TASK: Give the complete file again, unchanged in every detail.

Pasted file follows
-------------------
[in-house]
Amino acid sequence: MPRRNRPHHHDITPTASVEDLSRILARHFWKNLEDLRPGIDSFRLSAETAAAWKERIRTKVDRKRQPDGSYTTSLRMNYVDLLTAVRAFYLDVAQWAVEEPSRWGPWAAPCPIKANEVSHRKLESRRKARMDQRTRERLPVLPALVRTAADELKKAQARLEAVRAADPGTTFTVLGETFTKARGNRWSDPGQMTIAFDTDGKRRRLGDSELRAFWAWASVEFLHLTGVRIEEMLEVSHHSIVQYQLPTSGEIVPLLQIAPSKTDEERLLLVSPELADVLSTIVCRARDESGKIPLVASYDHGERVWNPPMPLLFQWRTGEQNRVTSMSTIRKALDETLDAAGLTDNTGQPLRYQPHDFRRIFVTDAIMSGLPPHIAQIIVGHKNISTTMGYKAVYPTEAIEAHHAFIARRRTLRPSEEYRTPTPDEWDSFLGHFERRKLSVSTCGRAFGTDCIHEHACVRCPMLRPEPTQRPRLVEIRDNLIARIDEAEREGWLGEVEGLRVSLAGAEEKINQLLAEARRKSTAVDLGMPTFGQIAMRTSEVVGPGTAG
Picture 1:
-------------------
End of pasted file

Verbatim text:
[in-house]
Amino acid sequence: MPRRNRPHHHDITPTASVEDLSRILARHFWKNLEDLRPGIDSFRLSAETAAAWKERIRTKVDRKRQPDGSYTTSLRMNYVDLLTAVRAFYLDVAQWAVEEPSRWGPWAAPCPIKANEVSHRKLESRRKARMDQRTRERLPVLPALVRTAADELKKAQARLEAVRAADPGTTFTVLGETFTKARGNRWSDPGQMTIAFDTDGKRRRLGDSELRAFWAWASVEFLHLTGVRIEEMLEVSHHSIVQYQLPTSGEIVPLLQIAPSKTDEERLLLVSPELADVLSTIVCRARDESGKIPLVASYDHGERVWNPPMPLLFQWRTGEQNRVTSMSTIRKALDETLDAAGLTDNTGQPLRYQPHDFRRIFVTDAIMSGLPPHIAQIIVGHKNISTTMGYKAVYPTEAIEAHHAFIARRRTLRPSEEYRTPTPDEWDSFLGHFERRKLSVSTCGRAFGTDCIHEHACVRCPMLRPEPTQRPRLVEIRDNLIARIDEAEREGWLGEVEGLRVSLAGAEEKINQLLAEARRKSTAVDLGMPTFGQIAMRTSEVVGPGTAG
Picture 1: